- Agronomic: corn
- Crop Production: intercropping
Although widely adopted, barriers remain to establishing a successful interseeded cover crop. Cover crop growth can be inhibited by the inability of light to penetrate the corn canopy cover which impedes cover crop photosynthesis. Shade from the corn canopy can be reduced with lower corn populations or leaf architecture that is more vertical. Understandably, farmers are reluctant to decrease corn populations in order to promote cover crop growth out of concern about decreasing crop yield. Flex ear or indeterminate hybrids may be able to offset yield decline with higher quality while also promoting cover crop growth with more vertical leaf architecture.
The project proposed here will provide information in identified research gaps on varietal differences in “flex” or indeterminate corn hybrids, and the impact of corn populations on both corn yield and cover crop success. In on-farm research conducted over two years using rigorous scientific methods, six corn varieties will be evaluated for yield and quality at seeding rates of 26K, 30K, and 34K. Cover crop success of interseeded cover crops will be determined by cover crop biomass after cash crop harvest. Light infiltration will be measured bi-weekly using LI-COR Sensor to determine if there is a relationship between cash crop shade and cover crop growth. Research results of data analyzed with robust statistical methods will be presented in a technical report, factsheet, webinar, and at field days, workshops, and conferences. Over 500 stakeholders will be reached through materials presented online, in print, and in-person.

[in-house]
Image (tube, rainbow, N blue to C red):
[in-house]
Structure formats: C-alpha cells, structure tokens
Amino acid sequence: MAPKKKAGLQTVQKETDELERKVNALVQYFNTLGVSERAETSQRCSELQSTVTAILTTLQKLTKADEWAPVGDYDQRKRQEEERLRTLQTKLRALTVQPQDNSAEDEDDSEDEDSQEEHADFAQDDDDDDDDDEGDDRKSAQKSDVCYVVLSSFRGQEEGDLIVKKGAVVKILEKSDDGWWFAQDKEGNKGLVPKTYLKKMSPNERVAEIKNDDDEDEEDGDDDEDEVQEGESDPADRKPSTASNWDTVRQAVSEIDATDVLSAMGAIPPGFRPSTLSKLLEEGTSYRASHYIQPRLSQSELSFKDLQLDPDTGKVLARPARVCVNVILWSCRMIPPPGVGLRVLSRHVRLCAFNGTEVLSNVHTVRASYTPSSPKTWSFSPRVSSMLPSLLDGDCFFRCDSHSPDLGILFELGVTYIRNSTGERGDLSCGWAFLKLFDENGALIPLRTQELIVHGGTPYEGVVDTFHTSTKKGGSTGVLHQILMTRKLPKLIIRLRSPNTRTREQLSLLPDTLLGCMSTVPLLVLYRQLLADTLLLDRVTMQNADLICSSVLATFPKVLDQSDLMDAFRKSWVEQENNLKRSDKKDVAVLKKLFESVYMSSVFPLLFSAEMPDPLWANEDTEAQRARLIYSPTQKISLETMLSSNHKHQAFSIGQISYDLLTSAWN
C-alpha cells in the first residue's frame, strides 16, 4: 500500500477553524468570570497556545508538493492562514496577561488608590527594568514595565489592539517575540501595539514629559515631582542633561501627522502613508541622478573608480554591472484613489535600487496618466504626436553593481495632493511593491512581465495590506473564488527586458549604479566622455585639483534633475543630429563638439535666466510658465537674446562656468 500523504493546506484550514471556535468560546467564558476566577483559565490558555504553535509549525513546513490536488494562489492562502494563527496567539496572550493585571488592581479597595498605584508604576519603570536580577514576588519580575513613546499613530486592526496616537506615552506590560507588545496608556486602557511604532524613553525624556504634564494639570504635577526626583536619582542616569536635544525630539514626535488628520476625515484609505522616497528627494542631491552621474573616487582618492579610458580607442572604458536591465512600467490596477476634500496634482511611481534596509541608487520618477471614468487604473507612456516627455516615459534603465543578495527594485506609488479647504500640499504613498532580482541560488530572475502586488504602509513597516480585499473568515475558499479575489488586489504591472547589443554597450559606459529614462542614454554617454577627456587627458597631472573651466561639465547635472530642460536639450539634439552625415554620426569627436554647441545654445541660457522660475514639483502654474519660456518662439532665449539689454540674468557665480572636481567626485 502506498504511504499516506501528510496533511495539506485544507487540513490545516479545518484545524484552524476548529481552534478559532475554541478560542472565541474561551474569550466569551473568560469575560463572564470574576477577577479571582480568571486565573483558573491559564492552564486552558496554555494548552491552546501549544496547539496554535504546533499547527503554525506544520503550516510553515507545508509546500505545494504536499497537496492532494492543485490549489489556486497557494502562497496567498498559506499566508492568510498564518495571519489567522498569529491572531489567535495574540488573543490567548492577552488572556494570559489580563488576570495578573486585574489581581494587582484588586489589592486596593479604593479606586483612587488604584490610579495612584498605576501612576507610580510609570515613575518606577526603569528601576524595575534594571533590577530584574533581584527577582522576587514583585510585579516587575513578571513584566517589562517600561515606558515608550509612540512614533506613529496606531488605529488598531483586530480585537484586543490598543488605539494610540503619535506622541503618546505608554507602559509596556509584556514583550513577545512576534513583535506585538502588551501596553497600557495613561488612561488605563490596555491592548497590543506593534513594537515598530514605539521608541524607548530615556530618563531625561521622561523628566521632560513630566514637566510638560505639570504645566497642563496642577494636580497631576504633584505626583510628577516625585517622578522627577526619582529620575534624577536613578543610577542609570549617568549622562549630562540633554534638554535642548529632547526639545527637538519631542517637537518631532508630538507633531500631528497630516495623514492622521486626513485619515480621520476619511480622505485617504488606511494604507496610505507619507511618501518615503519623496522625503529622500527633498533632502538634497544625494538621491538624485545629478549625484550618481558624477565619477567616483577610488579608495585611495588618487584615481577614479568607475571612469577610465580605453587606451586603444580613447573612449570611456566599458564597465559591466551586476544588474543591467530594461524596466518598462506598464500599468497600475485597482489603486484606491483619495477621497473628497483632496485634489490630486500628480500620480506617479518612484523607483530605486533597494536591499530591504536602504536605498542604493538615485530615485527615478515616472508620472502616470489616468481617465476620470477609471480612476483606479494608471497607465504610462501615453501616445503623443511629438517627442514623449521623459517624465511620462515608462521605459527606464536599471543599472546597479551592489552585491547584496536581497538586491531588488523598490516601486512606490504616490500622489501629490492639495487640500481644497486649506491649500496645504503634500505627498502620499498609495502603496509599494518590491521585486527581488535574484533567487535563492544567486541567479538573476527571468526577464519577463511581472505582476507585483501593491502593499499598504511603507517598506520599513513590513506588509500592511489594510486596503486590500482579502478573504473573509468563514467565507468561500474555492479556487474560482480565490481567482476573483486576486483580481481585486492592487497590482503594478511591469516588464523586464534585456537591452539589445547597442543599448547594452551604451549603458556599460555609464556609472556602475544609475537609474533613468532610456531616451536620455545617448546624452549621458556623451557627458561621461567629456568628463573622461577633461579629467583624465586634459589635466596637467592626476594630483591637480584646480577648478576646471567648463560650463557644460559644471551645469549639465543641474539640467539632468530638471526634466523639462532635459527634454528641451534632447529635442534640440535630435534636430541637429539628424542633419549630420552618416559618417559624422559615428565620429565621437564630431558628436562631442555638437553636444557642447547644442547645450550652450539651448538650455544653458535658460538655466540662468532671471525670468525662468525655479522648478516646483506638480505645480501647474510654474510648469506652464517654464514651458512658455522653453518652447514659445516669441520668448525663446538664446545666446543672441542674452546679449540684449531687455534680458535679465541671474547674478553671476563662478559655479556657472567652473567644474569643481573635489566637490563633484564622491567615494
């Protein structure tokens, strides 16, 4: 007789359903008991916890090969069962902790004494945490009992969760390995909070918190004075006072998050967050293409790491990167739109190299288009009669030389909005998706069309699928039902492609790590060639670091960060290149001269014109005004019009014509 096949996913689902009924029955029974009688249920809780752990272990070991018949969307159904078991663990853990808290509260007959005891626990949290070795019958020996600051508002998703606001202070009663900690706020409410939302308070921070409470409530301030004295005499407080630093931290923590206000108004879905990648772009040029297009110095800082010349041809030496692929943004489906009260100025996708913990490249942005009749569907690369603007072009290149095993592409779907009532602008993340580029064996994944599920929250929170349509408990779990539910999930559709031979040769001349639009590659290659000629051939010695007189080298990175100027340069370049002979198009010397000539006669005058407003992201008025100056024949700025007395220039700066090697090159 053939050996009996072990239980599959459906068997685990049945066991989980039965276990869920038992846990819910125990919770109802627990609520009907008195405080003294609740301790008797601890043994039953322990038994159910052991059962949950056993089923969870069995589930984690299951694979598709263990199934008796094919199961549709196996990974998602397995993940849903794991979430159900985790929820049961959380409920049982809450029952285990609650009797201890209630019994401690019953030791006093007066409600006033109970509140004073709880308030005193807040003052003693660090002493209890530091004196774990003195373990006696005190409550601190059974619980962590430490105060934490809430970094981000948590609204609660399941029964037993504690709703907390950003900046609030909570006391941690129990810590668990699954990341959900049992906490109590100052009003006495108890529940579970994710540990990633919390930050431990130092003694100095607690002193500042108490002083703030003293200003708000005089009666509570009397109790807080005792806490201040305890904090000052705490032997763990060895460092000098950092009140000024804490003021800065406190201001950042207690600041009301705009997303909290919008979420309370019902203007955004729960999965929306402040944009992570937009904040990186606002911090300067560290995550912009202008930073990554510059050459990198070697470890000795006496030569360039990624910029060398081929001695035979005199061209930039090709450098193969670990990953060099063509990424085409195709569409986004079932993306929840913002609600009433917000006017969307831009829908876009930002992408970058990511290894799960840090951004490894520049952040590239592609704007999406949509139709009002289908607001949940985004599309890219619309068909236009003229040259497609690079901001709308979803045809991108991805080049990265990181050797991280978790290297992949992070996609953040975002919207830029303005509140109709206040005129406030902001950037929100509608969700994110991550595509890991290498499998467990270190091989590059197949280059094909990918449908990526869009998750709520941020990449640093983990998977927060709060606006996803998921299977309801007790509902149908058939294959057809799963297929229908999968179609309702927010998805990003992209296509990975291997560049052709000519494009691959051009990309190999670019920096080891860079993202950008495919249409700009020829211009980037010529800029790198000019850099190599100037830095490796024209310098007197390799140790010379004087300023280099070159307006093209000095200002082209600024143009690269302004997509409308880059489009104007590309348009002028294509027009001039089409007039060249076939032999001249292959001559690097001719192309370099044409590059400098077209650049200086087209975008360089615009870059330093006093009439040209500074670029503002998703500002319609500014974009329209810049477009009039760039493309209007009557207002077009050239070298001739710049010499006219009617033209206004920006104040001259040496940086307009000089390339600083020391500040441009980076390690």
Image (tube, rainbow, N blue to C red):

Project objectives from proposal:
Broad Objective. This project seeks to support farmers in building sustainable cropping systems while maintaining yields and economic viability.
Objective 1. Identify corn varieties and seeding rates that meet cash crop yield and cover crop biomass goals.
Objective 2. To identify indeterminate corn varieties suitable for Northeast production.
Objective 3. Determine the profitability of the cropping system, calculating the cost of corn seed, cover crop seed, corn yield, cover crop termination (if applicable), and purchased feed (to offset lost corn yield). This information can be used to choose varieties that meet the farmer’s conservation and profitability goals.
Objective 4. Create outreach with farmer-friendly technical reports, factsheets, webinars, and via presentations at field days and the Northeast Cover Crop Council Conference. Over 200 farmers, agribusiness personnel, technical service providers, and other stakeholders will be reached.